When proposing a livestock building, there are lots of planning issues to consider. In common with other agricultural buildings, livestock buildings will either be "permitted development" and subject to the "prior notification" procedure, or require specific planning permission.
In many cases, a full planning application will not be required and a building can be put up under the prior notification procedure. After applying to the local planning authority for a determination as to whether prior approval is needed, one of the following needs to apply before any development may commence:
- A receipt from the authority to state prior approval to the siting, design and external appearance of the building is not needed.
- Within 28 days, the authority has stated that prior approval is needed and the giving of such approval.
- The expiry of 28 days following the date at which the application was received without notification from the authority regarding its determination.
Where development is permitted, the developer must notify the local planning authority in writing, and within seven days of the date on which the development was substantially completed.
It must be noted, however, that if the use of the building or extension for purposes other than agriculture within the unit permanently ceases within ten years from the date that the building was completed, and no planning permission has been granted to retain it, then the building shall be removed from the land and the land, as far as practical, be restored to its original condition before the development took place.
If you require a livestock building where any of the following points apply, a planning application will be required:
- The ground area covered exceeds 465m2 (including the area of any other buildings or structures which have been provided within the preceding two years and are within 90m of the proposed building).
- The building exceeds a height of 12m, or 3m if within 3km of an aerodrome.
- Any part of the building is within 25m of a metalled part of a trunk or classified road.
- Any part of the building is within 400m of a protected building (for example occupied by people unconnected with an agricultural unit).
- It would be on a separate parcel of land (within the unit) which is less than one hectare in area.
- It would involve excavations or engineering operations on land which is connected with fish farming.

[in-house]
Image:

In both circumstances, the building must be reasonably necessary for agriculture and designed for agricultural purposes. For animal welfare requirements, correct design must always be taken into consideration and suitable materials and cladding - both type and colour - must be used. For a full application, the requirement for the building will need to be justified, possibly with an agricultural appraisal and assessment of other buildings available. If existing buildings have been let for commercial uses, planning on these may need regularising first, and justification provided as to why these would not be suitable , for example insufficient eaves height.
To ensure a robust application, the building will need a safe access route and must be appropriately located in the landscape, for example not alone on the brow of a hill. This will be particularly important in special landscape designation areas and in the greenbelt. Environmental considerations for effluent run off will also need to be addressed.
|Top planning tips |
1) Prepare and be honest about plans
2) Identify who the most important stakeholders are such as local MPs, NGOs and local councillors
3) Decide on some communication rules:
a) Prepare materials with facts and figures
b) Identify concerns from different groups and tailor communication
c) Find out what others in industry will do for you and don’t assume they will support you
d) Be wary of getting into public debates
e) Be aware of the wider media agenda
a) Use a variety of communication channels – newsletters, website, bus trips to demonstrate facilities
b) Do this early
a) Be available, be responsible and be focussed
b) Understand concerns
c) Answer all questions clearly
d) Be prepared to move your position
6) Ask yourself whether you have got safe access for your scheme and how much extra traffic will be generated
7) Consider the landscape and visual effects of your plan
8) Think about the issue of smell
9) What are your plans for slurry disposal?
10) What will the effect be on biodiversity?
11) Will flies be an issue?
For more on the Livestock 2012 event
For more news and information about the Livestock 2012 event see our dedicated page